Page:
Tag: how to make candy leis

It’s that time of year again folks when there are graduations galore. Our niece, Faith, graduates from high school this Friday and we wanted to do something extra special for her. Not gift her with the usual flower lei, balloons or bouquet of flowers, but something she can wear proudly and show off to her fellow graduates who will look at her with envy that she is well loved and cared for.

With helpful instruction from our dear friend, Anh Nguyet, Rob and I worked tirelessly for hours on end over several days to create 2 very heavy, super intricate candy lei’s made up of Werther’s candies and Starbursts for Faith to don on her big day. Since we spent so much time on it, we thought we’d document (aka blog) the detailed instruction on how it’s done so that we’ll never forget how to create it and also to share with the world on how it’s all done so you can create it yourself for a loved one.

*sorry for the poor quality images in this post. i took these on my cellphone and half of ’em didn’t come out so great.*

Part I: the Werther’s lei

What you need:

  • Curling ribbon (this can be purchased from Party City)
  • Thicker ribbon (around 2 inches wide; got mine from Costco)
  • 1 big bag of Werther’s hard candies (ours contained ~80 pieces); big bags available at Smart & Final; make sure it’s the twisty wrapper kind.

Step 1: Cut curling ribbon into lengths of 6 inches. You’ll need one ribbon per piece of candy. I used 2 colors for Faith’s lei’s (green and black) to represent her school colors. You can do 1 color ribbon or even 2+; all up to you.

Step 2: Tie ribbon to one end of Werther’s candy (as illustrated below). Make sure there is an even length on each side.

Step 3: Cut the thicker 2 inch wide ribbon into 3.5 feet in length (may want it longer if the person has a bigger head; measure it on yourself leaving room to knot the 2 ends later).

Step 4: Start double knotting candy to 2 inch wide ribbon; making sure to alternate sides that the candy is on.

Photo of me in action:

Step 5: After you’re done going all the way to the end, tie the two ends together to complete the circle; take a scissor and curl the ribbon so that its not so straight and pokey.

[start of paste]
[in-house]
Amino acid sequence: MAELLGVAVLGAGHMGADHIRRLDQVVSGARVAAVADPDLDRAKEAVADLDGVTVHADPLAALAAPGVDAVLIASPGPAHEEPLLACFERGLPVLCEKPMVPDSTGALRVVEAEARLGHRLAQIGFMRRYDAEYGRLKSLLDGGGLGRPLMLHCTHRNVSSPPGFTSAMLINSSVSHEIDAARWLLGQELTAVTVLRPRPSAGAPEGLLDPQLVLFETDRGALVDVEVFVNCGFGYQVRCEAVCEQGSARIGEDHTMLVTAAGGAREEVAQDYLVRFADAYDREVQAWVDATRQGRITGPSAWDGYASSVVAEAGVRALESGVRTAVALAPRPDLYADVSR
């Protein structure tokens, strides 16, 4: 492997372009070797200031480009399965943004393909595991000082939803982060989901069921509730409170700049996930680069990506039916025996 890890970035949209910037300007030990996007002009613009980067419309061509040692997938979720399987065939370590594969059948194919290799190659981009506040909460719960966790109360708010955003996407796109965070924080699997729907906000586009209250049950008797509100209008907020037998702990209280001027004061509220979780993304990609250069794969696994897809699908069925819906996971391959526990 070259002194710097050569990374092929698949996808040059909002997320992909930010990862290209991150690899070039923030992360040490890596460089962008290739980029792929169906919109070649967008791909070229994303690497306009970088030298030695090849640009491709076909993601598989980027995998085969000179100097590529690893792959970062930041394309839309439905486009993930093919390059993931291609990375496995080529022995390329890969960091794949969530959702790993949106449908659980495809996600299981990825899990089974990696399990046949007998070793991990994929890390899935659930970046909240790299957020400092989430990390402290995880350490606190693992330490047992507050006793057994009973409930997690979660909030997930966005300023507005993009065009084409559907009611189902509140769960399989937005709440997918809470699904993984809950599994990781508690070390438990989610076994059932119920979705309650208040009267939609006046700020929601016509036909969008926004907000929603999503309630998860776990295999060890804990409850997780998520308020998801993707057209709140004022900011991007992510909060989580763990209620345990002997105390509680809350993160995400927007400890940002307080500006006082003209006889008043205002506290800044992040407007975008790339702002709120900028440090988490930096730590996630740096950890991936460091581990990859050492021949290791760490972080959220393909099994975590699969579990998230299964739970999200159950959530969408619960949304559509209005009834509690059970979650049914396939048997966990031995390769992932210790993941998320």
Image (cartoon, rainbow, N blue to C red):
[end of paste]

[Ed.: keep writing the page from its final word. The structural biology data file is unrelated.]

Part II: the Starburst lei *warning: takes 10x as long and is very tedious*

What you need:

  • Curling ribbon
  • Thicker ribbon
  • Loose Starburst candies (ours contained ~90 pieces; purchased from Target)
  • Clear cellophane wrapping (got ours from Party City)

Step 1: Cut curling ribbon into lengths of 6 inches.

Step 2: Cut 4 inch squares of the clear cellophane wrap. This part was super tedious and hard. I had Rob make me a cardboard template that was 4″ x 4″ to measure and cut the cellophane. It was hard enough that the material doesn’t stay put let alone it being almost completely invisible!

Step 3: Sort candy. This really isn’t a step unless you’re picky with the colors. We purchased 3 variety packs and chose only the hues of pinks, reds and purples to go on the lei. We’re now stuck with the yellows, oranges, and greens to eat.

These are the 6 colors we worked with; it was so hard not to devour ’em while putting the lei together.

Step 4: Wrap each Starburst candy with cellophane and tying the end with a ribbon (as illustrated below).

I found that there was a lot of extra cellophane after it was tied at the end so to make it easier to tie to the main ribbon I’d cut some of the extra cellophane off. You don’t have to but I’m just knit picky.

Step 5: Cut the thicker 2 inch wide ribbon into 3.5 feet in length.

Step 6: Start double knotting candy to 2 inch wide ribbon; making sure to alternate sides and colors to get in a good mix. It starts getting really difficult when you mix in multiple color ribbon and candy colors. You can see in the photo below that I curled the ribbon as I went along so that it didn’t seem so overwhelming at the end.

Step 7: Tie the ends together (you can leave a bit of space w/o any candy, it’s ok b/c it’s behind their neck).

Viola! This is the face of a person after hours on end of back breaking work to put this Starburst lei together. I look like total crap and usually would not show a photo of myself in this sort of condition but I had to show you proof that making this Starburst lei takes a ton of dedication, time, and MUCHO love for the recipient in order for you to power thru it all. I am not convinced that I can or ever will make this lei for any person ever again. Perhaps the love for my children or grandchildren when I am super old without much to do in my retirement age will entice me to give it another shot. I did tell Rob that I would make this for him for his graduation (that would mean he’d have to go back to school). hehehe.

Step 8: get a back massage.